By Victoria Hamilton
Winter is coming! So, it is time to get prepared. Protecting your horse’s gut, feet and joints are always priorities, but in winter can be especially critical. Here are the three most important things to prepare for and manage this winter, to keep your horse in optimal health:
Horses just love small grass shoots! And with a stop/start to the winter season, like we’ve had this year, these small but problematic little shoots are coming up every time it rains. Unfortunately, as most people know, when horses feast on small shoots of grass, they pull them out of the ground, along with roots and the accompanying sand. The sand can accumulate in the horse’s gut and cause colic. Horses on sandy pastures, grazing in drought conditions, on overgrazed pastures or kept in a dry lot are particularly at risk, as the sand and dirt accumulates in their hindgut, leading to digestive upsets including diarrhoea and ‘sand colic’.
By Victoria Hamilton
A decade or so ago horses with certain traits would have been classified as hard to fit by riders and saddle fitters alike. But new research and technology has allowed world-class saddle makers to develop a good range of saddles for all horses, regardless of their physical traits. There can be more limited options available for some traits and/or horse and rider combinations, but it is improving all the time. And while custom-made saddles can be a brilliant option for some of the more challenging cases, there are also plenty of off-the-shelf saddles that are now well suited to many situations.
Find out what traits make a horse more challenging to fit, signs your horse has one or more of these traits, the impact this can have on saddle fit and most importantly, what you should be looking for in a saddle to ensure the comfort and performance of both you and your horse.
By Jenna Santos
Presentation is not my strong suit. This not only applies to horse riding, but life in general. I do not enjoy shopping, so I wait until my clothes become so badly ripped, stained, or otherwise battered to the point I can’t possibly continue to wear them, before heading to the shop, grabbing whatever looks like it might fit and beelining for the checkout. I rarely wear make-up, my hair gets brushed once a week (at best) and I can’t even tell you last time I had it cut. I would like to say I give my horse the dignity of a decent presentation, but alas, I’d be lying. He’s constantly filthy. I used to blame the lovely red Wheatbelt dirt, but things have not improved since he took up residence at Victoria Hamilton’s property in the hills. Even with all that beautiful green grass he manages to bury dirt deep inside his coat where it will forever stay. My idea of grooming in running a brush over him a few times before a ride and calling it a job well done.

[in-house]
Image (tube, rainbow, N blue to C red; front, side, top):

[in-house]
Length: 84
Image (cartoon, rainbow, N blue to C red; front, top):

By Jenna Santos
Dressage is easy. Unless you’re the one doing it… in which case it is very difficult. As with most sports, and in fact most activities, if someone makes something look easy… it is because they are good at it. So don’t be fooled into thinking it is just a matter of prancing around in circles. Ironically, the better you get the harder it becomes, and not just because you start working your way through the grades (theoretically) but rather because you realise all the things you never knew you never knew. I shudder to think of the countless things I am yet to learn, which would be a far longer list than the list of things I already know.
I am not a professional rider. I am an average amateur rider. An amateur rider, for those who don’t know, is basically defined as a person who does not make a living out of riding or training horses or coaching other riders. Just because a person is an amateur rider does not make them a bad rider. In fact, many amateur riders are highly skilled and competitive at top levels. There are also many “professional” riders who have questionable riding or horsemanship skills. You know the old saying… those who cannot do… teach. It is sometimes true.
Dr Victoria Hamilton is an icon in the Western Australian Equestrian Community, with a wealth of experience as a veterinarian, coach, breeder and international dressage competitor. As one of Australia’s top dressage riders, her love of horses is contagious and apparent in everything she does.
Jenna Santos is a business marketer, events manager, writer, mother and an amateur dressage rider.